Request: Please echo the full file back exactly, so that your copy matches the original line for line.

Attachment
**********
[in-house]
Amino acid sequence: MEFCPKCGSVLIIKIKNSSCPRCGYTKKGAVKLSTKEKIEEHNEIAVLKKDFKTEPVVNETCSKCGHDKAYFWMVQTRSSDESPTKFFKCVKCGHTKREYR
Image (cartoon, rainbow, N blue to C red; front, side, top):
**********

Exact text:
[in-house]
Amino acid sequence: MEFCPKCGSVLIIKIKNSSCPRCGYTKKGAVKLSTKEKIEEHNEIAVLKKDFKTEPVVNETCSKCGHDKAYFWMVQTRSSDESPTKFFKCVKCGHTKREYR
Image (cartoon, rainbow, N blue to C red; front, side, top):